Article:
Definitions

from The American Heritage® Dictionary of the English Language, 5th Edition.

  • noun Dash; verve.
  • noun A bunch of feathers or a plume, especially on a helmet.

from The Century Dictionary.

  • noun In architecture, the triangular surface of a pendentive.
  • noun A plume as worn in a hat or helmet or in a woman's hair; especially, in medieval armor, a massive group of feathers set erect, often used as a heraldic bearing.
  • noun In zoology, a tuft, bunch, or cluster of hairs, feathers, or the like; a scopula; a panicle.
  • noun In astronomy, a tuft-like solar protuberance of eruption.

from the GNU version of the Collaborative International Dictionary of English.

  • noun A plume or bunch of feathers, esp. such a bunch worn on the helmet; any military plume, or ornamental group of feathers.
  • noun A pleasingly flamboyant style or manner; flair{4}; verve.

from Wiktionary, Creative Commons Attribution/Share-Alike License.

  • noun countable An ornamental plume on a helmet.
  • noun uncountable Flamboyant, energetic style or action; dash; verve.

from WordNet 3.0 Copyright 2006 by Princeton University. All rights reserved.

  • noun distinctive and stylish elegance
  • noun a feathered plume on a helmet

Etymologies

from The American Heritage® Dictionary of the English Language, 4th Edition

[French, plume, verve, from Italian pinnacchio, plume, from Late Latin pinnāculum, diminutive of Latin pinna, feather, wing; see pet- in Indo-European roots.]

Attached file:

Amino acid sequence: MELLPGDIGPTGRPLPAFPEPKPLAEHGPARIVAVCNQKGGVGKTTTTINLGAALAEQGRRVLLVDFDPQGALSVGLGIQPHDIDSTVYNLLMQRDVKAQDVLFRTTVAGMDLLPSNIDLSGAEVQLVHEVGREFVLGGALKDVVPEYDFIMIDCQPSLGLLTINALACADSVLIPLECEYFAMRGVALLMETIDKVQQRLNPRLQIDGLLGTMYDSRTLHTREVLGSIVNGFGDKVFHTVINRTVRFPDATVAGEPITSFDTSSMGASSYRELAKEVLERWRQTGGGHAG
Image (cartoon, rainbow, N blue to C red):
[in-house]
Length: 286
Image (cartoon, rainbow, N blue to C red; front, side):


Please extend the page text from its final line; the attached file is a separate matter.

from Wiktionary, Creative Commons Attribution/Share-Alike License

Borrowing from French panache, from Middle French pennache ("plume of feathers"), from Italian pennacchio, from Latin pinnaculum.

Examples

Comments

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  • "In lowcorsaged opal balldress and elbowlength ivory gloves, wearing a sabletrimmed brick quilted dolman, a comb of brilliants and panache of osprey in her hair."

    Joyce, Ulysses, 15

    February 5, 2007

  • "The bump in my forehead is the result of a regrettable cooking accident", explained Tom with panache.

    December 8, 2007

  • Brought into English by Rostand in his play Cyrano de Bergerac; his dying words declare that it is the only thing that cannot be taken away from him.

    August 19, 2008

  • pan ache

    November 21, 2013